What You Can Do To Avoid Credit Card Debt

by Pam on August 21, 2017

Many of us are all too familiar with the weight of credit card debt. American families owe an average of $9,600 on their credit cards, which equates to around 17 percent of the average U.S. household income. Considering today’s steep interest rates and the growing number of Americans with poor credit, we can expect to see this debt grow by thousands each year.

With Americans owing a record high of more than $1 trillion in credit card debt, many are struggling to get themselves out of the red. Those that are unable or unwilling to pay off student loans, medical bills, auto debts and more may have their wages garnished, their belongings repossessed, or suffer devastating blows to their credit score.

This can be a particular problem for those who are looking to take out a business loan for a start-up venture, of which there are around 452,000 each year in the US. Keeping your finances healthy on a personal level is essential for the future good of any small business that you wish to start. The easiest way to keep your credit lines looking healthy is to avoid going into debt in the first place. It may seem obvious, but these days, staying out of debt is no easy feat for most families. Here are some tips on how to control your spending habits and avoid credit card debt.

Keep Track of Income and Expenditures

The first step to financial success is diligence. To prevent credit card debt, you first need to know how much you’re spending. You can figure out how much you owe by adding up credit card and loan statements. Be sure to note the annual percentage rate (APR), which may be variable for credit cards.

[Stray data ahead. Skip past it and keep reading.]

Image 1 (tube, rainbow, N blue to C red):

You should also be aware of how much money you have coming into your account each month. Keep track of all pay stubs and other income documentation to determine how much you have available to spend in a month.

Know your Total Monthly Household Expenses

Obviously, not every penny you make is going to go towards paying off debts. You need to budget for essentials such as food, clothing, and utilities each month. You should keep track of all your monthly household expenses and stick to a strict budget so that you don’t end up spending beyond your means. Only buy what you can afford, especially when using your credit card.

When budgeting, be sure to set aside some money each month for your savings account. Nothing can push a family deep into debt faster than an expensive emergency. A healthy savings account can protect you from having to rely on lines of credit in the event of a medical or financial crisis.

Don’t Miss Payments

It’s important that you pay your credit card balance in full each month to eliminate the risk of entering into debt. Too many people who fall into the trap of missing a payment end up spiraling into a financial rabbit hole that they can’t dig their way out of. A missed credit card payment means that subsequent bills will be higher and include late fees.

If you don’t have enough money to cover all of your bills one month, credit card debt and small loans should be paid off before low-rate student loans and home loans. Credit accounts often have higher interest rates and can adversely affect your credit score if you miss any payments, which in turn can affect your ability to rent a car, buy a house, or even land a job.

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